“We follow a coaching approach as it helps to clarify the business vision and alignment of this vision with personal goals,” Taute said. “It helps our clients to understand the impact of what they plan for their business on their lives and therefore makes it much easier for them to take ownership of the activities needed to make their businesses work.”

At Hoedspruit Hub the practitioners who support small businesses through coaching make use of the GROW model to guide clients with problem-solving. This model is easy for clients to understand and practical for practitioners to use as it reminds them to focus on the four elements of the model:

  • Goals are set to understand the problem and what you want to achieve;
  • Reality is checked to identify the options, including the positives and negatives of each;
  • Options are identified for the best solution, asking what to stop with, what to start with, what to do less of, and what to do more of; and
  • The Way is plotted so that it is clear what must be implemented by when and by who, as well as how success will be evaluated.

Skills Assessment, Training and Development

When the best options for action are identified, it is important to ask who will be implementing these solutions. In the small business context, it is mostly the owner-manager who must lead such activities and the success of the solution often depends on the owner-managers abilities or in community-based agricultural contexts it may be the collective of the community members who are running the business. This is why Hoedspruit Hub includes assessment of business skills as a tool, for which the Sircula Application online assessment is used.

“Soft skill and project management gaps we can address through coaching, but where there are specific hard skill gaps, we aim to provide access to online learning, peer-reviewed articles, or free courses such as Oxford Home Study,” Taute explained.

Training courses are also offered when clients prefer the classroom environment and the required skills related to the Hoedspruit Hub’s focus on smallholder agriculture or community small businesses.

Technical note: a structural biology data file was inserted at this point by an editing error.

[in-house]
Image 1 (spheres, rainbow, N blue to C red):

Project Management

Using a project management approach allows Hoedspruit Hub to help their clients to have a temporary focus on a piece of work that does not form part of the usual business activities. The plan is clearly defined as something that is not part of the day-to-day operations and that it needs to be completed within a specific time period.

“We’ve found that basic project management skills significantly help owners of startups and small businesses to define clear goals, put a strategy in place, devise a realistic plan that includes the actions to be taken, and then track the actions to completion,” Taute said.

As a qualified project management professional, Taute is well-equipped to apply this approach with her small business clients. She uses a simple project management process, which she explained during the webinar at the hand of a chicken farming case study. Four steps are included:

  • Create a work breakdown schedule to show how specific tasks are needed to lead to the completion of well-defined deliverables;
  • Do a cost schedule or budget to quantify the financial implications of the tasks;
  • Compile a time schedule or Gantt chart to plot by when what must be attended to; and
  • Identify risks to create a risk register where mitigation options are described.

Experiential Learning

“Learning by doing is the best way of creating change,” Taute said. “This is why we build strong relationships with our clients and help them to learn while working on their businesses. The tools we use in doing so help us in making this a worthwhile and empowering experience for our clients.”

During the webinar, Taute guided the attendees in using an experiential learning activity through small group work in breakaway rooms. Attendees were tasked with completing the last step of the project management process, namely to identify risks and plan for risk mitigation of a chicken-farming case study. In this way attendees experienced the experiential learning approach to acquiring new knowledge.